Tuesday, October 26, 2010

Officer testifies he saw accused on day of murder

From the Kingston Whig-Standard Online:

By Sue Yanagisawa

A former Kingston Police officer was grilled Monday at the second-degree murder trial of Richard Smith.

Though he never identified him before, Const. Lester Tang testified that he saw Smith crouching near the taxi of slain cab driver David Wayne Krick the morning of the murder.

Jurors have already been told that before he succumbed to his wounds Krick, 50, was able to call police around 6:45 a.m. on the morning of June 17, 2007.

They've also heard that soon after dispatchers for the police and Amey's Taxi gave out Krick's last known location his taxi was reported on the move again. It ended up on MacPherson Avenue off the west side of Sir John A. Macdonald Boulevard.

Tang testified that he was the second officer -- right behind now retired Const. Mike Campbell -- to arrive at the parking lot of Queen's University's An Clachan apartments off MacPherson, where Krick's taxi was abandoned.

As he turned his cruiser down MacPherson, Tang told the jury, his attention was drawn to a man he could see through a gap in the hedges, crouching between two vehicles.

"I was travelling quite slowly, I'd estimate between 10 and 20 km/h," Tang said, and by his estimate the crouching man was about 20 metres away, within about five vehicles of Krick's abandoned taxi.

"When I saw him, our eyes met," he told jurors. "He saw me as well and just took off running."

Tang, who transferred to the Guelph Police Department in February, said he was "very surprised by the quickness of his reaction and his speed when he took off." He estimated he had about one second to study the man's face.

His cruiser was also behind Campbell's at that point and Tang estimated it took another 30 seconds for the two vehicles to get into the parking lot.

He testified that he radioed he'd seen a suspect first from his cruiser and then from his mobile radio as he gave chase. Campbell also jumped out of his cruiser, he recalled, and started running after the man, as well, signalling to Tang to take another path through the centre of the complex.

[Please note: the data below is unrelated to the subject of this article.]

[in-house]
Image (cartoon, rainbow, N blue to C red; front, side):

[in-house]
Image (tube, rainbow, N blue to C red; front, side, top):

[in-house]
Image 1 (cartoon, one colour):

Campbell previously testified that he was never able to catch up to the runner and lost him when he rounded a building. Tang said the man never crossed his path again that morning.

That evening, he told the jury, he looked through 925 mug shots without success. He selected photos of "three people I thought would resemble the guy I saw," he said, largely based on what he felt was a similar rounded face shape, but he never suggested any of those three might be the man he chased.

"My purpose," he said, "was just to start the process."

Assistant Crown attorney John Skoropada asked Tang if he ever saw the runner from that morning again and Tang said "not until the day of the preliminary hearing that was held last year." He then identified Smith in the prisoner's dock.

Smith's defence lawyer, Gregory Lester, was quick to point out that Tang was asked that exact question during the preliminary hearing, however, and his answer then was a simple "no."

Tang said he'd put too narrow an interpretation on the question when it was asked on that earlier occasion and claimed he didn't appreciate the significance of his being able to identify Smith as the runner.

"The investigation had already made an arrest of the correct person without my assistance," Tang explained. "I felt I was peripheral to the investigation."

He also agreed with Leslie that the first time he disclosed that he recognized Smith as the person he'd seen running from the parking lot that morning was during a conversation with assistant Crown attorney Skoropada just before the trial began two weeks ago.

His revelation, Tang con-firmed, came about after he noticed a photograph of Smith on a binder and made a remark to Skoropada to the effect that Smith looked different in the flesh.

The trial continues this morning at the Frontenac County Court House.


Copyright © 2010 The Whig Standard

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